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books

May 25 2013

32 Candles

author: 
Carter, Ernessa T.

Davidia, who doesn't speak for most of her Mississippi childhood after being beaten by her drunk of a mom, develops an insane crush on the BMOC at her school about ten years into her silence. Being a psychologically mute school weirdo without a single friend, that doesn't go particularly well for her.

reviewdate: 
May 22 2013
isn: 
978-0-06-200005-7
May 19 2013

Friends, the

author: 
Guy, Rosa

West Indian immigrant Phyllisia Cathy has been plopped down in Harlem with her proud, larger-than-life father, dying mother and pretty, compliant sister.

reviewdate: 
May 18 2013
May 19 2013

Pleasing Hour, the

author: 
King, Lily

Jeune fille is French for nanny. 19-year-old Rosie is spending a year in France escaping her life by taking care of three kids with an exacting mom and a physician dad on a houseboat in Paris. Ooh la la. While the storyline might make this book sound like chick lit, it's really not.

Quotations: 

Today I thought of the first time I realized you [older sister] were not me. I was five and you were setting that red alarm clock and I watched you and I knew that you weren't having the same thoughts. That you wouldn't dream the same thing that night. And that we would die at different times. And that you might die first. It was the first time I ever felt alone. I feel that all the time now.

Three rows down [at a bullfight in Spain], Americans were pushing their way through, boys in backwards baseball caps and T-shirts advertising universities or pubs in other countries. They were boys with wide shoulders and loud laughs, boys oblivious to their foreignness, their wealth, and their freedoms. I felt a sudden compassionate, maternal contempt for them.

reviewdate: 
May 15 2013
isn: 
0-87113-754-2
May 12 2013

What Night Brings

author: 
Trujillo, Carla

Marci Cruz has an abusive father, a mother who is blinded by love for her husband, and wants to be a boy so she can love girls. The story can be hard to read sometimes because Eddie Cruz really is a champion cabrón (there's a ton of Spanish in the book), but seeing 11-year-old Marci and her seven-year-old sister Corin fight back is satisfying.

reviewdate: 
May 11 2013
isn: 
978-188068494-8
May 12 2013

Someday, Someday, Maybe

author: 
Graham, Lauren

Like with First Spring Grass Fire, you wonder of Someday, Someday, Maybe how much of the story of a young aspiring actor in NYC written by a former young aspiring actor in NYC is autobiographical. While reading it I was thinking that it's possible that fictionalizing one's life might make it easier to tell the emotional truth.

Quotations: 

I grasp onto the nearby silver pole, steadying myself as the train lurches along, my hand slipping on the smooth surface, vying for a safe position along with half a dozen other hands. Today, everything about New York leaves me feeling like I'm competing for space, and just barely hanging on.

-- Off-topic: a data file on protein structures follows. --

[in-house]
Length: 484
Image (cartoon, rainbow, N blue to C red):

reviewdate: 
May 8 2013
isn: 
978-0-345-53274-9
May 12 2013

First Spring Grass Fire

author: 
Spoon, Rae

Spoon's book is listed as a novel but reads like a memoir, told in nonlinear episodes with the protagonist sharing the author's name. I suppose I shouldn't care about the distinction, but I can't help wanting to know what I'm reading. Regardless, one should treasure the rare opportunity to read about the real or fictionalized life of a genderqueer child growing up in a religious family in the Canadian prairies.

reviewdate: 
May 5 2013
isn: 
978-1-55152-480-1
May 04 2013

How to Get a Girl Pregnant: a Memoir

author: 
Pendleton Jiménez, Karleen

Chicana butch Karleen Pendleton Jiménez has known she wanted to have a baby almost as long as she has known she wasn't a girly girl. Having other things going on in her twenties and no chance of getting pregnant accidentally, she doesn't get around to trying to get knocked up until her mid-30s, which is not typically easy for lesbians in the best of times.

reviewdate: 
Apr 30 2013
isn: 
978-1-926639-40-6
Apr 28 2013

Wedding in Haiti: the Story of a Friendship, a

author: 
Alvarez, Julia

I have long enjoyed Julia Alvarez's reality inspired political fiction, I gobble up autobiographies, and because of my spouse's work with two nonprofits there, I have an interest in Haiti, so of course her Haiti memoir was appealing to me. Unfortunately...

Quotations: 

"We ride into the downtown area [of Port-au-Prince], full of ambivalence. To watch or not to watch. What is the respectful way to move through these scenes of devastation? We came to see, and according to Junior, Haiti needs to be seen. But something feels unsavory about visiting sites where people have suffered and are still suffering. You tell yourself you are here in solidarity. But at the end of the day, you add it up, and you still feel ashamed--at least I do. You haven't improved a damn thing. Natural disaster tourism--that's what it feels like."

reviewdate: 
Apr 24 2013
isn: 
978-1-61620-274-3
Apr 20 2013

Between Sisters

author: 
Badoe, Adwoa

When Gloria, a 16-year-old Ghanaian, more or less flunks junior high school a friend of the family arranges for her to become a nanny for a doctor with a two-year-old son. Stuff does happen in this novel--good things and fair amount of bad things, but it mostly feels like a character development story.

reviewdate: 
Apr 19 2013
isn: 
978-0-88899-997-9
Apr 20 2013

Opposite of Hallelujah, the

author: 
Jarzab, Anna

My sister Danna recommended this book to my parents, brother and me. If you read her review, you'll see why. The titled "opposite of hallelujah" refers to the protagonist Caro's sister Hannah returning home after spending eight years as a nun in a contemplative order. (Kate, you're going to want to read this one!) The girls' parents are excited to have their dark-secreted daughter back, but 16-year-old Caro...less so.

reviewdate: 
Apr 15 2013
isn: 
978-0-385-73836-1